Over the years, International Women's Day (IWD) has taken to the streets, sparked off a revolution, met cosily at luncheons and concerts, rubbed shoulders with Premiers, Prime Ministers and Mayors, demonstrated at the doors of newspapers and welfare institutions, occupied empty houses intent on gaining shelter for homeless women and has ushered in reform legislation.
The history of IWD dates back to 1910 internationally and, in Australia, to 1928. But socialist women in the United States organised the first national Women's Day in 1908 and helped to inspire the international event.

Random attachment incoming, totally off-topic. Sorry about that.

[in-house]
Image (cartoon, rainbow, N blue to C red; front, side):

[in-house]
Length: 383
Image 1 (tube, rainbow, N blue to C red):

The day has been variously seen as a time for asserting women's political and social rights, for reviewing the progress that women have made, or as a day for celebration. In keeping with its early radical traditions, Lena Lewis, U S. socialist, declared in 1910 that it was not a time for celebrating anything, but rather a day for anticipating all the struggles to come when" we may eventually and forever stamp out the last vestige of male egotism and his desire to dominate over women" 1